Benny Chan's kung-fu film Shaolin both benefits from and is ultimately defeated by its own epic ambitions.
| Original Score: 2/4
Evil warlords and nifty monks battle it out physically and spiritually in this epic and histrionic tale of how the most nasty of men can find enlightenment.
| Original Score: 2.5/5
A well-mounted but soft-edged reinterpretation of a martial arts classic that gives precedence to drama over action.
This crude, overlong chunk of kung-fu kitsch lays its scene in a 1920s Republican China, torn by internecine fighting and weighed down by drably expensive production design.
Ambitiously staged set pieces fall victim to portentous technique, creating an ultimately irreconcilable chasm between how much one wants to like this movie and how much they actually do.
| Original Score: C
More action, less talk should be the order of the day, but it isn't.
Large-scale melodrama is short on action and long on histrionics.
This is not a subtle film, and certainly not a great one, but it's made with bubbling brio and it's spectacular to look at. It's action filmmaking of the highest order.
| Original Score: 2.5/4
| Original Score: B+
A bloody tale of redemption, with a credibility gap.
| Original Score: 3.5/5
The kung fu itself is great fun to watch, from the discipline of balancing on one foot on a wooden pillar, the other in the air, for hours at a time to the confrontations that send fist and feet flying.
| Original Score: 3/5
With its mix of high octane martial arts and Eastern spirituality, Shaolin succeeds as a stirring anti-violence action epic.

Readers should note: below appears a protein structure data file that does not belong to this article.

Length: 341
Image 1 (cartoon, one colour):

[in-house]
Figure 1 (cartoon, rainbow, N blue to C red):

A thoroughly satisfying period action flick with heart and soul; a wholesome step on the path to cinematic enlightenment.
| Original Score: 4/5
Frequently gripping and featuring a surprisingly spry supporting turn by Jackie Chan, it's a sturdy if unremarkable effort.
An expansive, energetic, big-budget martial arts action film that encompasses combat, explosions and moments of introspection.
The epic feel to this Hong Kong action-drama helps balance a lack of hand-to-hand combat scenes.
"Shaolin" compares favorably with the biggest blockbuster Hollywood has to offer.
| Original Score: B-
Jackie Chan brings some warm energy to his supporting role -- a rarity for this big star -- and turns in a delightfully self-effacing performance.
"Shaolin" fits in the more somber kung-fu tradition. But it also finds room for the genre's comic strain.
One of those films that impresses you, even though it fails to set itself apart from other films in the genre.
| Original Score: 7/10